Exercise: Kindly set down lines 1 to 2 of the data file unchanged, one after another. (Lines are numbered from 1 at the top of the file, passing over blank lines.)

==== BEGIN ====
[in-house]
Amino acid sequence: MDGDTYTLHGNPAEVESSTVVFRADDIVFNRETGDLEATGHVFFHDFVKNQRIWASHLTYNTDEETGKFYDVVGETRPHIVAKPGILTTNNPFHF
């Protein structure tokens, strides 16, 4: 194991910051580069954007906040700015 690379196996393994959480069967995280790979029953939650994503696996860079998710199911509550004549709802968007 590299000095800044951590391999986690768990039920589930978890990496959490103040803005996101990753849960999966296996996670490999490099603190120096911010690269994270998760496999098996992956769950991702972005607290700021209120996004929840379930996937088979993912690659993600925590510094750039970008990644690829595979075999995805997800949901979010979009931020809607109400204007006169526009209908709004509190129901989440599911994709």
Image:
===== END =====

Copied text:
[in-house]
Amino acid sequence: MDGDTYTLHGNPAEVESSTVVFRADDIVFNRETGDLEATGHVFFHDFVKNQRIWASHLTYNTDEETGKFYDVVGETRPHIVAKPGILTTNNPFHF